Discharging A Debt

By Ellis Cose

possess several times more wealth than blacks. They believe that the majority of the difference — perhaps three-quarters of it — can be explained by America’s history of discrimination and “racialized” policies, beginning with the slave trade: “Slaves were, by law, not able to own property or accumulate assets. In contrast, no matter how poor whites were, they had the right — if they were males, that is … to buy land, enter into contracts, own businesses, and develop wealth assets that would build equity and economic self-sufficiency for themselves and their families.” Blacks, who could not accumulate such riches, also “confronted a world that systematically thwarted any attempts to economically better their lives.” This “inheritance of accumulated disadvantages over generations,” argue the authors, continues to undermine the economic well-being of African Americans. They see a strong (though not politically plausible) case for reparations for black Americans.

Burt Neuborn, a New York University law professor who worked on the Holocaust banking cases, thinks the litigation against the Swiss banks may provide a model for descendants of slaves. “The critical question,” he argued in the 2003 edition of the New York University Annual Survey of American Law, “is whether litigation seeking restitution of the unjust enrichment flowing from slavery can replicate the three crucial components of the Holocaust litigation: (1) the identification of massive wealth transfers to identifiable recipients that unjustly enriched the recipients; (2) a demonstration that the wealth transfers were unlawful; and (3) the ability to reverse the transfers by requiring restitution of unjustly acquired profits to identifiable victims.”

It is easy to prove, he points out, that wealth was unjustly transferred. And it’s even possible to make a case — under international law, perhaps — that the wealth transfers were illegal. The difficulty, as he sees it, is “the linking of identifiable victims with identifiable unjustly enriched beneficiaries.” One way to get around that, he says, is to point out that at the time when America should have put things right — at the time the slaves were freed — it did not choose to do so: “And since the passage of time renders it impossible to recapture that moment, the only just approach is to adopt political programs designed to cope with the lingering consequences of such a massive unjust enrichment of white America.”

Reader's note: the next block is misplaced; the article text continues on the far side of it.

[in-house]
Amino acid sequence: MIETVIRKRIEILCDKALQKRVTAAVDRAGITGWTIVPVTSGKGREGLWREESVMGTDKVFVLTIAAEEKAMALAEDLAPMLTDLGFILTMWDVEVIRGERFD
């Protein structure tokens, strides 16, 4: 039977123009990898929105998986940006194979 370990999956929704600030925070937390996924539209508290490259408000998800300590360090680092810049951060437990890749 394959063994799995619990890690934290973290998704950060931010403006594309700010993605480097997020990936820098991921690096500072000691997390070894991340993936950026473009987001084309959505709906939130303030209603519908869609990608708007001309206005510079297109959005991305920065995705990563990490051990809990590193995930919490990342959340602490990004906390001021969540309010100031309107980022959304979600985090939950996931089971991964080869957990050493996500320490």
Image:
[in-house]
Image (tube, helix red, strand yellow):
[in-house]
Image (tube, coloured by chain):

That is the approach Randall Robinson essentially endorsed in The Debt, in which he argued for the creation of a government-funded trust that would support economic empowerment, civil rights advocacy, and education — with special efforts directed toward those black children most at risk. Just debating the proposal, suggested Robinson, would be good for America: “The catharsis occasioned by a full-scale reparations debate could … launch us with a critical mass into a surge of black self-discovery. … We could disinter a buried history, connect it to another more recent and mistold, and give it as a healing to the whole of our people, to the whole of America.”

Whether such a debate really would be “healing” is very much an open question. But

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